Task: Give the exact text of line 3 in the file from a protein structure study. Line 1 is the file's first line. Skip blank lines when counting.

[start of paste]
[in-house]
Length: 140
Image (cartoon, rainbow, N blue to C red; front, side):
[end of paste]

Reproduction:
Image (cartoon, rainbow, N blue to C red; front, side):